'Promise? Of course, the English throne! Aye, I remember they agreed whichever of the two lived longer would lay claim to the kingdom. Harthaknut died in his cups, did he not? I shall lay the crown on my own head this year, so help me God!'
'I have been given men and ships by my brother-in-law, the Count Baldwin of Flanders. I have also been promised men and ships by King Malcolm. I do not want the throne -' Tostig began.
'Just as well - that's mine!' Harald laughed long and loud. His court laughed with him.
They agreed that their fleets would meet off Saint Abb's Head, in the sea east of the Firth of Forth after a campaign of slash and burn around the coast by Tostig to try his brother. Harold Godwinson was watching out already for Duke William on the south coast, and as he could not be everywhere at once the coast would be clear. Tostig was thrashed by the fyrd each time he made a landing, losing many of his men and ships by the time the fleets met in the after-year. Nevertheless King Harald had gathered over three hundred ships from all around the islands, from Man and Orkney, from the Faeroes and Iceland. His stallari Eystein 'Orre' - the fellow sounded like a moorcock when he laughed - and Styrkar led landings down the coast at Teesmouth, at Skarthiburh (Scarborough) where Harald used his Greek fire to best effect, and near the mouth of the Hymbra (Humber).
The combined army was made up mainly of West Norse, Flemings, some Danes of Tostig's own household and a few malcontent English thegns who saw Tostig as a way of enriching themselves. Disembarking at Richale (Riccall) they crossed overland and crushed the select fyrd summoned from between Jorvik (York) and Ceaster (Chester) under Earl Morkere and his older brother Earl Edwin. Worse for the two young earls was that they had not seen fit to draw the king - their brother-in-law now that their sister the widow Aelfgifu had wedded Harold - into the struggle.
Harold Godwinson had his eyes in the north, however. He knew of the landings made by Tostig and Harald 'Hardraada', and he knew by the time he reached Tadceaster (Tadcaster) that the Norse army had beaten the northern earls at Gata Fulford (Gate Fulford) to the east of Jorvik - known to the Angles as Eoferwic - and he found out from scouts sent out to seek out the foe that Harald and Tostig awaited hostages and gold at Staenfordes Brycg (Stamford Bridge) on the banks of the River Deorewent (Derwent). Moreover they had sent half the army back to the ships, along with their heavy chain mail and weapons.
On the morning of September 24th the men on both sides of the Deorewent saw clouds of dust over the western ridge of the broad dale from the direct of Jorvik.
'Good! We shall be on our way south to take the throne of this kingdom before the week is out!' Harald clapped his hands with glee.
'There is too much dust to be a small party of nobles and our hostages, even if they had a hundred pack horses laden with gold!' Tostig was more reserved. Before long his worst fears were realised. 'God, we have our work cut out for us to come away alive from here!'
Above them on the western ridge was a sight to chill the blood. Men and weapons, sword blades, shining new axe blades, shield bosses reflected the morning sun, 'like a field of broken ice', (as Snorri Sturluson would write one day).
A lone warrior held back many of Harold's men on the narrow bridge before he was struck down when someone took a small boat under the bridge and pierced the giant with a spear from below. (Painful!) The fighting began in earnest after a 'herald' tried to bargain with Tostig. The 'herald' was Tostig's brother Harold himself, unknown to Harald Sigurdsson. Not long into the battle Harald Sigurdsson was killed by an arrow to the windpipe and he sank to his knees. Tostig was in command now, with Styrkar until Eystein 'Orre' showed on the road from Richale with more men. But after a six mile run in chain mail, carrying heavy weapons and shields, Eystein and his reinforcements collapsed with the heat of a warm September afternoon. Tostig was killed soon afterwards and no-one knows what became of Styrkar (there is a tale that he fled, killed a waggoner not far from the battle and took one of his horses).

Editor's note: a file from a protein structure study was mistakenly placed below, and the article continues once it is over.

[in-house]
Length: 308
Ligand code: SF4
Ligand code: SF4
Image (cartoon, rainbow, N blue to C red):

Harald's sons Olaf and Magnus were allowed to take their father's corpse home in one of the two dozen ships that were needed to ferry the survivors home by way of Kirkjuvagr (Kirkwall).
*Of the Land Oda banner, it is said remnants of the banner were taken by some of the Norsemen back to the Western Isles. Somehow a scrap of the banner came into the possession of the Clan MacLeod chieftains on Skye, where it was known as the 'Fairy flag'. A story goes that the clan chiefs were given a warning through the remnant, of an attack by their rivals, the Morrison clan. The castle was evacuated in time. These days the tattered, thin fabric can be seen in a dimly-lit case at Dunvegan Castle.
Harald's flight overland from central Norway, east to Sweden then by river from the Baltic to Kiev and on to the Black Sea...
From near tragedy to triumph and on to tragedy. Harald Sigurdsson's career from fighting beside ill-fated half-brother (Saint) Olaf at Stiklestad in August, 1030 by way of the east. On to the Byzantine emperor's Varangian Guard; marriage to Ellisif, daughter of Jaroslav 'the Wise' in Kiev; to kingship over Norway; death by an arrow to the throat in southern Northumbria after routing Earl Morkere's select fyrd with Tostig Godwinson.
There are some misinterpretations [in the words of a famous tabloid editor: "never let the facts get in the way of a good story"]. Snorri Sturlusson wrote his accounts of the Norse kings long after the events, using some suspect sources, including the idea that the English fought on horseback at Stamford Bridge near York in late September, 1066. Otherwise a great yarn, if bereft of detail.
An end to the saga none could foresee...
Read Kelly DeVries' well researched account of Harald Sigurdsson's campaign in Northumbria, September 1066, what led to it and the outcome after initial successes along the coast and at York on September 23rd, 1066.
Extensively researched and referenced with accurate historical background going back to Earl Godwin and his relationship with his older sons, Svein, Harold and Tostig..
Stamp of history
There is another book that touches on King Harald's saga
David Gibbins' archaeological yarn 'Crusader Gold'. Has Harald taken the gold menorah, a Hebrew religious candlestick whilst in Constantinople as a captain of the Varangian Guard? The story begins at the time of the Roman occupation of Palestine and takes you through the Crusades to the Nazis and on to modern-day Turkey, once the Byzantine Empire.
A sort of Indiana Jones, Mr Gibbins' Jack Howard tracks the treasured menorah.
Next - 11: Seafarers' Marine Technology (1)
© 2011 Alan R Lancaster